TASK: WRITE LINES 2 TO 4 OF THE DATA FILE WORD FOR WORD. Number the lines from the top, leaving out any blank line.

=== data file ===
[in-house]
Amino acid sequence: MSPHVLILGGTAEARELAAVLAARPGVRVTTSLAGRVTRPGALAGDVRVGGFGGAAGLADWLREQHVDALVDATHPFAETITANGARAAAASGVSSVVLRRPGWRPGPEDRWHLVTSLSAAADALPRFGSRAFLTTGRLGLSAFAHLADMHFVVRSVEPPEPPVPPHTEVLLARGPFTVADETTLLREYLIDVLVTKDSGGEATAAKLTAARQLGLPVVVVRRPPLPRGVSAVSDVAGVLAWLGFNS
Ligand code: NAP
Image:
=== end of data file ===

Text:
Amino acid sequence: MSPHVLILGGTAEARELAAVLAARPGVRVTTSLAGRVTRPGALAGDVRVGGFGGAAGLADWLREQHVDALVDATHPFAETITANGARAAAASGVSSVVLRRPGWRPGPEDRWHLVTSLSAAADALPRFGSRAFLTTGRLGLSAFAHLADMHFVVRSVEPPEPPVPPHTEVLLARGPFTVADETTLLREYLIDVLVTKDSGGEATAAKLTAARQLGLPVVVVRRPPLPRGVSAVSDVAGVLAWLGFNS
Ligand code: NAP
Image: